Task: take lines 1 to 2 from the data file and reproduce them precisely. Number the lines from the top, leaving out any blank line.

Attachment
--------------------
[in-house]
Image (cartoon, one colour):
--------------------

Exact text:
[in-house]
Image (cartoon, one colour):